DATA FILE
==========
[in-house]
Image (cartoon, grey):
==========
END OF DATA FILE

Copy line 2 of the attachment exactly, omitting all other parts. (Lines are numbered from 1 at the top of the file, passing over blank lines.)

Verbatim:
Image (cartoon, grey):